In shots hit low through trees or where I had to shape them, the utility iron outperformed the hybrid. I was able to pick the ball with more consistency and a lower launch and move it to where I wanted it to go by hitting a low stinger with the utility iron. I struggled to keep the hybrids down and would often keep the ball in the rough instead of advancing it back to the fairway, due to tree contact. The wide sole and back-weighted design of these hybrids make them most forgiving but designed to hit a high launch angle off the face of the club. It is hard to keep the spin rate down and get a low ball flight off of the face of these clubs. The best driving irons make for a much easier punch shot club from varied turf among the trees.

Because of the general shape and club designs of irons and hybrids, I do not think we would see much variation with different club manufacturers.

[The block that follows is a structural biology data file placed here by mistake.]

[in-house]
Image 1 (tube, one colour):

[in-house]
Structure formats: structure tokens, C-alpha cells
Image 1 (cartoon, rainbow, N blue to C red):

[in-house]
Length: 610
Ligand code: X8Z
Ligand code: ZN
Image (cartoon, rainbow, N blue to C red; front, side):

Post-Round Analysis

Overall, these are all better options than traditional long irons. But deciding which option is best? That is really going to come down to the golfer’s needs. If you play hard and firm courses, like links courses or play golf on windy days, the utility irons would work best. Golfers who have a more moderate swing speed or struggle with finding the center of the clubface would do better with the hybrid. If you are searching to unlock maximum distance or higher launch on the golf course, as well as ease of use, the hybrid club would work better.

And if you’re still not sure which hybrid set or option is right for you, I or any other Golf Expert here at Curated are happy to give you a hand.